Review: ‘Rise of the Guardians’ is not furry Jesus
On the way to Rise of the Guardians, I noted that, between Santa Claus and the Easter Bunny, the two most important days in the Christian year were covered by members of the titular Guardians. I said I'd bet that Jesus would not be mentioned once during the course of the movie, despite this. My brother took me up on this bet.
My brother owes me a coke.
This movie is explicitly about believing in things we have no proof of (like, I don’t know, Jesus); the Guardians, we're told, are powerless unless the children of the world believe in them. Strangely, I don't remember ever believing in the Sandman, the Easter Bunny or even, yes, Santa Claus. Maybe I did; but I don’t remember it.
The closest I came to believing in any of the Guardians was the Tooth Fairy; I don’t remember actually believing, but I do remember being very disappointed upon finding a tooth that my parents hadn't yet discarded after trading for a quarter.
Speaking of disappointment, Rise of the Guardians was a letdown.
Story and characters
The Guardians consist of four mythical characters that children believe in, but grownups usually do not. They are Santa Claus (Alec Baldwin), the Easter Bunny (Hugh Jackman), the Tooth Fairy (Isla Fisher) and the Sandman (Jean Dujardin). Together, they fight crime.
Actually, I do not know what they do together as Guardians. Supposedly, they protect the children of the world. From what, I don’t know. They certainly aren’t roving the streets physically protecting children.
The Man in the Moon is apparently their boss, and he decides they need a new recruit, so he picks Jack Frost (Chris Pine), who spends most of his spare time actively endangering children. He’s a good kid.
Anyway, they need this new recruit because the Boogeyman (Jude Law) – who is so bad he needs an alias, Pitch Black – has learned how to turn the Sandman’s happy dream sand into nightmare sand, which essentially makes him Neil Gaiman’s most famous creation, whose name unfortunately escapes me at the moment.
Now, I’m just some guy who reviews cartoons for a furry site (and is not only unpaid, but actually pays for this privilege), but if someone gave me the script to Rise of the Guardians and asked me to take a whack at it, first thing I would have done is flip the villain and the hero.
The movie goes into great detail about how much fun Jack is to be around, and there are big reveals about his dark past that are supposed to be really emotional, but which didn’t work because I just didn’t care about his core need as a character; the need to be believed in. Not that he needs to be believed in like he has confidence issues, or he used to be a bad liar — I mean his core problem is nobody believes he exists.
I’m sorry, but that’s just not a need I can relate with. I mean, you, the reader, may not believe I am a good reviewer or even a good person, but I am pretty sure you believe there is actually a person writing this review.*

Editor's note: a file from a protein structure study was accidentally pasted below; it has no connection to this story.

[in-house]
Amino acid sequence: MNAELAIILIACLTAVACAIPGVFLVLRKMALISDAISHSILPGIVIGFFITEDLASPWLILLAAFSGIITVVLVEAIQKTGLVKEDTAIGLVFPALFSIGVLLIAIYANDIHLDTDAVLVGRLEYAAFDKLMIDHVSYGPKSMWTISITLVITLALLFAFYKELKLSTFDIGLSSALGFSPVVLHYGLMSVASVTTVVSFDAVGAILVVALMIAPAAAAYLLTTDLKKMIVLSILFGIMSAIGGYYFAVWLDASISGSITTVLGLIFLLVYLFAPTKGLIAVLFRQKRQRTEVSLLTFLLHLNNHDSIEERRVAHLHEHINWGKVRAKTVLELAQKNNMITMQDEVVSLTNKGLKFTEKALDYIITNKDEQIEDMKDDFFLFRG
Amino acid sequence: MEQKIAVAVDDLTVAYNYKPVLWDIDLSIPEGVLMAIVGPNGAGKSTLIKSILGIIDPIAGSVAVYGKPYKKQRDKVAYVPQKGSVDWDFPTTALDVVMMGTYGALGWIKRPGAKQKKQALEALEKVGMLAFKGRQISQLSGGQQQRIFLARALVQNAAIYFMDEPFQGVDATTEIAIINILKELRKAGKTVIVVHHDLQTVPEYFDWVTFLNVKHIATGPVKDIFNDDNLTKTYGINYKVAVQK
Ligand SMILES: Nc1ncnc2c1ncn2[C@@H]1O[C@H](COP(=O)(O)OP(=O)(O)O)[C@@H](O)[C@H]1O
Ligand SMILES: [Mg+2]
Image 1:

Meanwhile, the Boogeyman has needs I can relate to: nobody likes him because he’s scary. Yes, we have seen this story before; characters like Jack Skellington, Princess Luna and that one Gaiman character I mentioned earlier, whatever his name is. But life’s no fun without a good scare, after all. That’s a character arc I can believe in.
I could talk about the animation (which is great), the character design (also great) or the gags (which are occasionally pretty funny), but the movie falls apart at the character level, and those things can’t save it. The original four Guardians are caricatures propped up by odd character designs; Jack Frost is an unappealing hero, and I feel more sorry for the poor old Boogeyman than anything else. Even the kids the heroes encounter read as unrealistic.
The only character I liked was little Baby Tooth, a junior tooth fairy that serves as Jack’s mute conscience throughout the story. She was just about the only character who played her role well.
Then I wrote my Brave review. That was the dark second act of the trilogy, and everybody said I was biased against Pixar. Well, duh. Copped to that in the title. Doesn’t change the fact that it was a mediocre movie.
Now comes the grand finale, in which the protagonist wins a pyrrhic victory, and I prove the bias doesn’t matter. Yes, I wanted Brave to lose so bad I could taste it. It did. But even more, I wanted Rise of the Guardians to win. It didn’t. Sometimes seeing is believing; sometimes, it’s not.
This review is based on a 2D screening, and if you think I've not posted the review to the last ‘Twilight’ movie yet due to technical issues, you’re wrong.* Ha ha, joke’s on you, I’m actually one of GreenReaper’s alternate sockpuppet accounts, just like all of Flayrah's contributors.